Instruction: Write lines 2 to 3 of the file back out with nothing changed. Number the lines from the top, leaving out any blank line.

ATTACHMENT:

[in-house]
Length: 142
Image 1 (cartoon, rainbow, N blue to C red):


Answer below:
Length: 142
Image 1 (cartoon, rainbow, N blue to C red):